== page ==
The idea of what defines science fiction is sometimes confused with the concept of futurist fiction. Science fiction does not need to take place in the future, or even the not-so-distant future. These are stories of technology and science, and how their discovery and implementation affect and warp our understanding of traditional human morality, ethics or culture. You could theoretically tell a science fiction story set at any point in human history, simply by examining the fallout of technological development and extrapolating from there.
Black Mirror, as an anthology series, dabbles in both the grandiose and subtle implementation of science fiction as a genre. There are allegorical episodes about dystopian future societies utterly alien from our own, a la “Fifteen Million Merits.” And then there are the stories like Season Five’s “Smithereens,” in which everything that happens could legitimately happen in our own world, tomorrow. And who knows-it probably will, as likely as not. That feeling of plausibility works in “Smithereens’” favor.
Working even more in its favor, though, is a powerhouse performance from actor Andrew Scott, best known for having played the role of Moriarty throughout Sherlock, as well as his major part in the Season Two success of Fleabag. Here, as a character named Chris, he undergoes one of the classic Black Mirror mental breakdowns that have typified so many previous episodes, driving their protagonists past their respective points of no return. As an episode, “Smithereens” doesn’t always have quite enough to say to justify its 70-minute runtime, but we can never tear our eyes away from Scott’s unnerved, jittery performance.
Chris is a driver for a rideshare company, although don’t think of using the word “Uber.” This episode, in fact, is packed with extremely on-the-nose analogs. Notably, there’s “Persona,” a social network standing in for Facebook. And of course there’s “Smithereen” itself, which is more in the vein of Twitter. The commentary here feels a bit rote, a bit familiar. We don’t engage with each other, turns out. We spend all our time on our phones. We ache for genuine human connection. Or in other words: These are observations that every human on Earth has made on a weekly basis for the last decade. Chris feels the same, albeit with a more personal base for his grudge.
This isn’t to say there’s nothing poignant in the social media commentary of “Smithereens,” although most of the pathos comes courtesy of actress Monica Dolan’s briefly seen character, a grieving middle-aged woman who lost her daughter to suicide some months earlier. In the hope of understanding why her seemingly happy daughter went through with the act, she attempts every day to log in to the girl’s “Persona” account, but receives no help or sympathy from the service’s tech support, which claims to be protecting the “privacy” of the dead girl by keeping the account locked. Thus, it’s up to Mom to futilely try a few more random number and letter combinations each day, hoping to unlock the profile. It’s a powerful, Sisyphean piece of imagery in an episode that otherwise has to rely on performances over thematic substance.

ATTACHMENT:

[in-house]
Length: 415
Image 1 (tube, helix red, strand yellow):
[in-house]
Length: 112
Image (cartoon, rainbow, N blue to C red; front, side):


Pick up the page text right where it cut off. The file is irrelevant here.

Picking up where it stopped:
Ultimately, though, this is Scott’s show. The episode revolves entirely around his poorly planned attempt to abduct a Smithereen employee, holding that young intern (Damson Idris, best known for FX’s Snowfall) hostage and demanding to speak to Smithereen founder and tech icon Billy Bauer (guest star Topher Grace) on the phone for mysterious reasons. One gets a sense, watching Chris, that he’s at war with himself over this decision, which translates to a spastic, explosive sort of nervous energy. We fear his intentions less than we fear his deteriorating state of mind, and what will happen when something else inevitably goes wrong.
Grace, meanwhile, is playing Bauer as something of a cross between Mark Zuckerberg and Steve Jobs, a visionary tech developer who has been left in the dust, feeling impotent as the thing he created takes on a life far bigger than he initially designed. We meet him on a Millennial Approved “tech detox” in the desert, a silent retreat for soul maintenance that is amusingly shattered by a single F-bomb when he’s informed of the hostage situation that is now brewing. We’re meant to empathize with him as well on some level, but it’s rather difficult to do, given that he takes no small amount of satisfaction from invoking his own “God mode” abilities to cast aside the personal privacy of all Smithereen users on a whim. In a critique of Twitter, do we really need to empathize with Jack Dorsey?
In the end, “Smithereens” is really about the quiet moments, whether they’re the pleading looks shot between Chris and his hostage during their police stand-off or Chris’s upbraiding of Bauer’s ham-handed attempts at “finding common ground” over the phone. The human drama here is often top notch, even when the plotting doesn’t quite know how to resolve itself. It makes for an uneven entry in Black Mirror’s fifth season, but it’s still no less of a head-turning performance by Andrew Scott.
Jim Vorel is a Paste staff writer and resident genre geek. You can follow him on Twitter for more film and TV writing.